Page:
Albertans seek language training for host of reasons
A few weeks ago I received an email from a student at Sultan Education Academy, or SEA, expressing how this small privately-owned school based around the teachings of learning Arabic was under-recognized by the public.
I was immediately intrigued to hear as to why this story needed to be told. So, I contacted owner and founder Sultan Kaddoura, 38, and student Erin Van Overloop, to set up interviews.
In that initial telephone conversation with Kaddoura, he quietly reminded me that it’s not in Islamic religion for Muslim men to shake the hands of women as a sign of respect. This way when I arrived I wouldn’t be put off by the refusal to shake my hand when being introduced.
“It’s keeping a so-called polite distance,” he said.
This was the start to being educated on a religion I honestly know very little about.
At the age of two, Kaddoura came to Canada with his parents from Lebanon, and has lived in Calgary and the United States ever since spending about 10 of those years based in Philadelphia.
While living in the U.S., he worked in prisons teaching religion to inmates who were converting to Islam. He explained that in addition to converting to Islam, they also wanted to learn Arabic, the traditional language associated with Islam.
In addition to Islam converts, Kaddoura began to see that they weren’t the only ones interested in learning Arabic.
“Closing communication gaps is a huge start in bringing together opinions and culture amongst others.”
Project management consultant for oil and gas
In 2004, Kaddoura established a school that is still operating under his supervision in Chandler, Arizona. From there he expanded Sultan Education Academy into Calgary in September 2010, located at 201 1440 17th Ave. S.W. on the top floor above Chianti’s restaurant, offering an open environment for his students to learn effectively. The open space is clad with authentic tapestries, drums and custom-made art.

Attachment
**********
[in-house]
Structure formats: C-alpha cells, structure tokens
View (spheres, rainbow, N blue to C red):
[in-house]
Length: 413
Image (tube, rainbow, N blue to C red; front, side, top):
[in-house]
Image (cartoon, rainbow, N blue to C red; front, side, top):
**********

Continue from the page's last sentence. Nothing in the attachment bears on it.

Kaddoura wanted to teach youth and adults how to speak Arabic while understanding the culture, since his educational background is in Islamic theology. His goal is to provide a simplified and structured program for teaching Arabic to help others feel less isolated from their language and spiritual heritage.
Islamic teachings are separate from the Arabic language training programs but they’re offered independently for both adults and youths interested in learning about the Islamic religion.
The rewards of teaching Arabic
“Knowing that you were the reason for [a student’s] learning is rewarding,” Kaddoura said.
“I love what I do, and I can see myself doing this for the rest of my life. I don’t ever want to retire.”
Kaddoura said that learning a new language requires a six-to-12 month commitment to become comfortable and confident. He said this tends to cause people to shy away from the opportunity.
The cost of the Arabic language courses varies for youths and adults. For the adults, prices range from $150 a month for the first three levels, $55 an hour for private language instruction or $1,000 for three months in the intensive short course.
But he pointed out the benefit of being fluent in a second language such as Arabic offers greater opportunity for travel, work and cultural reasons.
An outsider’s perspective
Ashley Titus, 53, is a project management consultant for oil and gas in the petrochemical sector. He has been located in Doha, Qatar for over 20 years.
Titus is able to speak conversational Arabic locally and learned Hindi in school. He said that having these languages have benefited him while working abroad.